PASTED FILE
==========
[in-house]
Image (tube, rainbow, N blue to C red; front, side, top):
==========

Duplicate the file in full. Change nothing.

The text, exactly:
[in-house]
Image (tube, rainbow, N blue to C red; front, side, top):